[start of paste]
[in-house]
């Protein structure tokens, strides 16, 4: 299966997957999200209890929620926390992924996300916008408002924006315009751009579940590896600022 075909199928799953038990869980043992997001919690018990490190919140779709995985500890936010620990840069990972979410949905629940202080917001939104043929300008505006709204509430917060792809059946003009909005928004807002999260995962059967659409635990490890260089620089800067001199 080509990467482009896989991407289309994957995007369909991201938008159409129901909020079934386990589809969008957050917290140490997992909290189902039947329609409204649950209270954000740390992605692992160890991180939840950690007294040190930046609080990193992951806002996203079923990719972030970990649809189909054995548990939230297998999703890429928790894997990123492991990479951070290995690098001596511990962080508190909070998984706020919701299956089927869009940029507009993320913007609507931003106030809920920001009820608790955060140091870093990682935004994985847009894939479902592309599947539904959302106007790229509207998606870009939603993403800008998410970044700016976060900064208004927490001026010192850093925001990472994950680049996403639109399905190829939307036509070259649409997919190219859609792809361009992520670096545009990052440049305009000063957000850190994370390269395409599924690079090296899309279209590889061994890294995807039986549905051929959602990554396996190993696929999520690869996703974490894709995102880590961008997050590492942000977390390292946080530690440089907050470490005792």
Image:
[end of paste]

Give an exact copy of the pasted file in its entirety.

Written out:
[in-house]
């Protein structure tokens, strides 16, 4: 299966997957999200209890929620926390992924996300916008408002924006315009751009579940590896600022 075909199928799953038990869980043992997001919690018990490190919140779709995985500890936010620990840069990972979410949905629940202080917001939104043929300008505006709204509430917060792809059946003009909005928004807002999260995962059967659409635990490890260089620089800067001199 080509990467482009896989991407289309994957995007369909991201938008159409129901909020079934386990589809969008957050917290140490997992909290189902039947329609409204649950209270954000740390992605692992160890991180939840950690007294040190930046609080990193992951806002996203079923990719972030970990649809189909054995548990939230297998999703890429928790894997990123492991990479951070290995690098001596511990962080508190909070998984706020919701299956089927869009940029507009993320913007609507931003106030809920920001009820608790955060140091870093990682935004994985847009894939479902592309599947539904959302106007790229509207998606870009939603993403800008998410970044700016976060900064208004927490001026010192850093925001990472994950680049996403639109399905190829939307036509070259649409997919190219859609792809361009992520670096545009990052440049305009000063957000850190994370390269395409599924690079090296899309279209590889061994890294995807039986549905051929959602990554396996190993696929999520690869996703974490894709995102880590961008997050590492942000977390390292946080530690440089907050470490005792």
Image: